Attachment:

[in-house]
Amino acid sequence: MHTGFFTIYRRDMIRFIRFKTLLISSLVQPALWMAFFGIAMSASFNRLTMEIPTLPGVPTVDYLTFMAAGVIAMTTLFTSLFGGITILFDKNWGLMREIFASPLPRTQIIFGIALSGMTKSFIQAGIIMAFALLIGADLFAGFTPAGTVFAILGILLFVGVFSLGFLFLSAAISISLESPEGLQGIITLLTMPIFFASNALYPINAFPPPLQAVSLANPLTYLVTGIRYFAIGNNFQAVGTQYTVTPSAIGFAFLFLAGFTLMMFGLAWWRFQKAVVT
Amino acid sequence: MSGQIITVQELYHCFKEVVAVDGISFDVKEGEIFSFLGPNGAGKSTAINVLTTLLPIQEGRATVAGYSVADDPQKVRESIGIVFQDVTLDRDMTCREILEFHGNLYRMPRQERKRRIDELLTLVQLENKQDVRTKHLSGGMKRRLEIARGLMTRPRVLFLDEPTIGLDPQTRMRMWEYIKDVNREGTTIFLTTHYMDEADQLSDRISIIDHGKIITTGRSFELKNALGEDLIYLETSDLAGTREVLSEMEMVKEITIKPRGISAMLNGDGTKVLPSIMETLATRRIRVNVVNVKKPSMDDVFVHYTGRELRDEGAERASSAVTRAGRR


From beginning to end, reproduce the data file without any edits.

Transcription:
[in-house]
Amino acid sequence: MHTGFFTIYRRDMIRFIRFKTLLISSLVQPALWMAFFGIAMSASFNRLTMEIPTLPGVPTVDYLTFMAAGVIAMTTLFTSLFGGITILFDKNWGLMREIFASPLPRTQIIFGIALSGMTKSFIQAGIIMAFALLIGADLFAGFTPAGTVFAILGILLFVGVFSLGFLFLSAAISISLESPEGLQGIITLLTMPIFFASNALYPINAFPPPLQAVSLANPLTYLVTGIRYFAIGNNFQAVGTQYTVTPSAIGFAFLFLAGFTLMMFGLAWWRFQKAVVT
Amino acid sequence: MSGQIITVQELYHCFKEVVAVDGISFDVKEGEIFSFLGPNGAGKSTAINVLTTLLPIQEGRATVAGYSVADDPQKVRESIGIVFQDVTLDRDMTCREILEFHGNLYRMPRQERKRRIDELLTLVQLENKQDVRTKHLSGGMKRRLEIARGLMTRPRVLFLDEPTIGLDPQTRMRMWEYIKDVNREGTTIFLTTHYMDEADQLSDRISIIDHGKIITTGRSFELKNALGEDLIYLETSDLAGTREVLSEMEMVKEITIKPRGISAMLNGDGTKVLPSIMETLATRRIRVNVVNVKKPSMDDVFVHYTGRELRDEGAERASSAVTRAGRR